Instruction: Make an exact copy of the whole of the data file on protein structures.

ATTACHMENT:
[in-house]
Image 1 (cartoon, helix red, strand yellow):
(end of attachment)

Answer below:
[in-house]
Image 1 (cartoon, helix red, strand yellow):